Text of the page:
With the drive system thus described, it may be observed that the drive imparted through sprocket 253 to drive roll 211 of the lower assembly 281 is at a uniform fixed rate. However, the eccentric mounting of sprocket 262 imparts a drive through sprockets 268 and 270 to drive roll 186 of upper or carriage assembly 181 at a rate which continually oscillates a predetermined amount above and below the fixed rate of drive imparted to lower assembly drive roll 211. As a consequence, a further oscillatory shear action is imparted through the top of composite 81. This activity has been observed to enhance the wet out of the composite 81 and permit the fabrication of thicker composite as well as composites having higher fiber loadings. The biased arcuate movement of idler sprocket 265 may be observed to perform the necessary function of taking up slack within chain 261 in the course of the eccentric rotation of sprocket 262. An exemplary altered orientation of sprocket 265 is represented in FIG. 10 at 265', while the corresponding alteration of the orientation of chain 261 is represented in dashed line fashion at 261'. Note, that with the embodiment as described, composite 81 is subjected to a continuous compression coupled with a vertical undulation as well as a lengthwise induced shear due to the oscillatory drive emanating from drive roll 186. Note further, that the average rate of movement of chain 185 is equal to the fixed rate of movement of lower chain 218. As a consequence, the integrity of composite 181 is maintained throughout its passage along wet out stage 180.
Referring to FIG. 10, another embodiment for a wet out stage is revealed generally at 280. As before, composite 81 is fabricated as described in connection with FIGS. 1 and 2 prior to introduction at the upstream end of stage 280. This end is located at the production flow directional arrow positioned above the schematic representation of composite 81 in the figure.
As is apparent from the figure, the instant embodiment incorporates components somewhat similar to or identical to the embodiment described above in connection with FIGS. 5-9. In this regard, note that the stage 280 includes a lower assembly 281 having spaced elongate and parallel side beams, one of which is revealed at 282. The assembly is supported above floor level by leg members as at 283 and includes a drive roll 284 at the downstream terminus thereof. This drive roll preferably is provided having a surface texture suited for frictionally engaging a continuous belt 285. Such texture may be provided through the utilization of rubberized coatings or the like. As in the earlier embodiments, belt 285 has a width at least coextensive with composite 81 and the upwardly disposed portion thereof is situated such that its downwardly disposed surface extends over a plurality of spaced, freely rotatable, serially disposed smooth surface rollers, certain of which are identified at 286. Rollers 286 extend across the assembly 281 in the same fashion as in the embodiment of FIG. 6, however, roller 287 of the grouping positioned farthest upstream in the production path is located at about the midpoint of lower assembly 281. Upon passing over roller 287, belt 285 extends angularly downstream to pass over an idler roll 288 arranged in parallel with rollers 286 and 287 but, attached to the lowermost flange of the side beam of assembly 281. Upon passing over roll 288, belt 285 is introduced to one side of an equalizer assembly 289. Within assembly 289, belt 285 extends over a roll 290 having an axle 291 journaled for rotation within spaced slideable supports, one of which is revealed at 292. From roll 290, belt 285 extends in continuous fashion to drive roll 284. As in the earlier embodiments, drive to the assemblage is provided from a motor 293 having a rotative output at sprocket 294 which is imparted through chain 295 to sprocket 296 which is coupled in driving relationship with roll 284 through axle 297.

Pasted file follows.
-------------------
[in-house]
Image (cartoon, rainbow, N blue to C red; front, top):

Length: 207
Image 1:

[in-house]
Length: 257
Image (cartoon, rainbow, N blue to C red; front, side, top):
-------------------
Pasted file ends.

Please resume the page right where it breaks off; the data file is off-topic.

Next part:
Positioned within lower assembly 281 upstream of belt 285 is another continuous belt 300. Belt 300 extends over an end roll 301 and thence in a downstream direction over a plurality of spaced, rotatable, serially disposed rollers, certain of which are identified at 302 and which are mounted upon the upper flange of the side beams of lower assembly 201. It may be noted that belt 300 is supported by rolls 302 at an elevation coplanar with the corresponding upwardly disposed portion of downstream belt 285. Upon passing the downstream roller 303 at about the midpoint of assembly 281, belt 300 is directed angularly upstream to an idler roll 304 attached to the lower flanges of the side beams as at 282 of assembly 281. From idler pulley 304, belt 300 is directed into equalizer assembly 289, whereupon it passes over a drive-type roll 305 supported upon transverse axis 306. Axle 306 is journaled for rotation within slideable supports, one of which is revealed at 307. Tension is imparted to belt 300 through end roll 301 by a pneumatic arrangement identical to the embodiment of FIG. 5, that arrangement including slideable supports, one of which is revealed at 308 through which the axle 309 is journaled for rotation and which is actuated for horizontal manipulation to adjust tensioning by pneumatic cylinder 310.